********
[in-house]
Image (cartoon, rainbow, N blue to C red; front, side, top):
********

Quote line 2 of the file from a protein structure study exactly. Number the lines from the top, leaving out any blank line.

Image (cartoon, rainbow, N blue to C red; front, side, top):